Thursday, August 23, 2007

Is This Serious or a Deep Joke?

From: Economics of Utopia: H. G. Wells 23 August

"From its beginning the earthly study of economics has been infertile and unhelpful, because of the mass of unanalysed and scarcely suspected assumptions upon which it rested. The facts were ignored that trade is a bye-product and not an essential factor in social life, that property is a plastic and fluctuating convention, that value is capable of impersonal treatment only in the case of the most generalised requirements. Wealth was measured by the standards of exchange. Society was regarded as a practically unlimited number of avaricious adult units incapable of any other subordinate groupings than business partnerships, and the sources of competition were assumed to be inexhaustible. Upon such quicksands rose an edifice that aped the securities of material science, developed a technical jargon and professed the discovery of “laws.” Our liberation from these false presumptions through the rhetoric of Carlyle and Ruskin and the activities of the Socialists, is more apparent than real. The old edifice oppresses us still, repaired and altered by indifferent builders, underpinned in places, and with a slight change of name. “Political Economy” has been painted out, and instead we read “Economics—under entirely new management.” Modern Economics differs mainly from old Political Economy in having produced no Adam Smith. The old “Political Economy” made certain generalisations, and they were mostly wrong; new Economics evades generalisations, and seems to lack the intellectual power to make them. The science hangs like a gathering fog in a valley, a fog which begins nowhere and goes nowhere, an incidental, unmeaning inconvenience to passers-by. Its most typical exponents display a disposition to disavow generalisations altogether, to claim consideration as “experts,” and to make immediate political application of that conceded claim. Now Newton, Darwin, Dalton, Davy, Joule, and Adam Smith did not affect this “expert” hankey-pankey, becoming enough in a hairdresser or a fashionable physician, but indecent in a philosopher or a man of science. In this state of impotent expertness, however, or in some equally unsound state, economics must struggle on—a science that is no science, a floundering lore wallowing in a mud of statistics—until either the study of the material organisation of production on the one hand as a development of physics and geography, or the study of social aggregation on the other, renders enduring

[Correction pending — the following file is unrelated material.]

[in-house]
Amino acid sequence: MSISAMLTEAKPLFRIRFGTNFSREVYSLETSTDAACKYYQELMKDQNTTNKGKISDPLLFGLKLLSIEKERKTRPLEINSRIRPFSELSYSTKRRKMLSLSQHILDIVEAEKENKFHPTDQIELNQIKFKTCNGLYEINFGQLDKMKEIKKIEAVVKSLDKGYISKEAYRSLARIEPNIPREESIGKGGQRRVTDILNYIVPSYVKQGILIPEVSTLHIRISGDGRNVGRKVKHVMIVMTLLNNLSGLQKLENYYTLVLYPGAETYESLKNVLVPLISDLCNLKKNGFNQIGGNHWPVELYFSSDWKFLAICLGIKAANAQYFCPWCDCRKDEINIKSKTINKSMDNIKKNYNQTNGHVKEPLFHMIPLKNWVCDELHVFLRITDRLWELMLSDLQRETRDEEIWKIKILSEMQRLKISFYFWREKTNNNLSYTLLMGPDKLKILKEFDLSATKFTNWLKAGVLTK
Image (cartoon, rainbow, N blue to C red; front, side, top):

Could anybody tell me what the above is about? It's from the Cambridge Forecast Group Blog here.

Its was written in yellow in on a blue background. The organisation seems serious enough, but what's the message?


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